But CN would be incentivized to not allow this. A rival channel snagging famous WB characters would be a publicly embarrassing show of weakness for Time Warner, especially after CN just launched a new "block" ostensibly dedicated to DC Comics properties. The likely outcome would be exactly what we've been seeing for the past few years, namely CN buying a WBA show purely out of obligation, then quietly sweeping it under the rug due to an absolute lack of confidence. In the end, it would probably end up with the same contentious corporate environment described above.

    3. Professional Courtesy

    WBA is not actually obligated to pitch any series to CN at all, and has merely always done so due to the good relations that they've shared in the past.

    This is the corporate equivalent of the honor system, and requires a good deal of trust on both sides. The problem is that the whole concept assumes every party involved has each others' best interests at heart. I think most of us would agree that CN's handling of DC Nation has indicated this is not the case. However, change can be slow when you're dealing with business at this scale, and it may take some time before the breakdown in relations between WBA and CN can have any noticeable effects from the perspective of us, the viewers.

    Everyone wants to work together to make money, of course, but different parts of Time Warner will have different opinions on who should be making how much money off of who, and in what ways. As much as we might like to simplify it, these situations can often be very complex.
     
  8. Dusty

    Dusty Superman.

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    I had a semi-similar thread to this, (not trying to plug my thread or anything, just saying I understand how the op feels.) http://www.toonzone.net/forums/dc-animation-forum/312969-question-about-dcau-shows-re-airing-cn.html
    My thread is about DC and CN as well but is more about what I thought CN should/could do with past DC shows and whatnot. But I forget TW isn't logical and there is a lot of legal jumbo jumbo they deal with I guess, (which I still don't get if the shows and networks in question are already theirs... But "meh") lol.
    It just almost seems like Time Warner doesn't really care about what their networks are doing to each other.
    I think of it like: Time Warner is the parent, and they just watch their children (CN, DC, WB, WBA, CW, and etc.) cry, fight, or break each other's toys, lol. Time Warner needs to discipline their kids... By getting them on the same page. lol.
    But seriously, if TW/CN/WB want to be bigger and get more ratings (money) than the "other guys," they really need to step it up and better unify and align all their networks and properties somehow. One way is to have more than one DC show, (and a pretty "meh" one at that.) But also have CN better manage the shows they have and will get.... or maybe do re-runs of shows they can still control or something. Ha ha! ;)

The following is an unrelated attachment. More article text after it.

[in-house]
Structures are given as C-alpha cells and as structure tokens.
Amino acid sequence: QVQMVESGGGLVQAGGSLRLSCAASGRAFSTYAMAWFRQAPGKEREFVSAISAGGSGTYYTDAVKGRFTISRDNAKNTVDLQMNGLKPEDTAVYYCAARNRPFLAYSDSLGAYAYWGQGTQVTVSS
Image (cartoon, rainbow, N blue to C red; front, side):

I don't know what I am saying anymore, I am tired and losing my train of thought, (or I made no sense in the first place so I now am just confused, lol.)

    Anyhoo, sorry, my rambly nonsensical post is over... carry on everyone! ;) :)




    D.
     
  9. Goldstar Neo

    Goldstar Neo We're not cousins!

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    Actually, a lot of young adults weren't watching those shows because they were airing on Saturday mornings (at time when many older teens and adults prefer to sleep in) with no encores, and they were sandwiched between reruns and were barely promoted, so they didn't knew when the DC shows were on. That's part of why they didn't last long.

    Incorrect. Warner Brothers owns DC, while Turner Broadcasting owns Cartoon Network. WB works with Turner for the Turner/Time Warner corporation, but WB neither owns nor runs CN. Turner acquires the WB and DC animated shows and they have to contract and pay for them, just like everybody else.
     
  10. bigdaddy313

    bigdaddy313 Member

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    So that means DC and WB can pack their load and move to another network
     
  11. Ed Liu

    Ed Liu Grumpy Gorilla

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    Even if this were feasible, where would they go? Disney is a non-starter now that they own Marvel. Nickelodeon seems to be the company with the most action animation on the air regularly between Legend of Korra and TMNT, but Viacom isn't about to play nice or add to the profits of Warner Bros. They'd rather keep all that money in house. If you think "comedy only" is pervasive at Cartoon Network, it's nothing compared to Fox, and all those animated comedies are aimed squarely at the adult audience. The Hub is a possibility, but they don't have anywhere near the market penetration of CN yet and I'm not sure that Hasbro/Discovery won't go the same route as Nickelodeon to say "let's keep it in house." It's one thing to license older DC shows to fill time on an otherwise under-programmed network. It's another thing entirely to fund and air new programming.

    So that leaves a network like the CW, which is still at least partially owned by Time-Warner and leaves you right back in the same corporate dysfunction they had with CN, except that you get even lower ratings.

    I understand the frustration but the proposal to move to another network is a non-starter. I don't see any viable home for new DC superhero animated shows in the current environment on TV. If anything, I'd say they'd do better aiming at the original production route for Netflix or Amazon Prime or Hulu or one of the other streaming services.